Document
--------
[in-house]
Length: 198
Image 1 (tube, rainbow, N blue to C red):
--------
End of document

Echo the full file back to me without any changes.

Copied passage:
[in-house]
Length: 198
Image 1 (tube, rainbow, N blue to C red):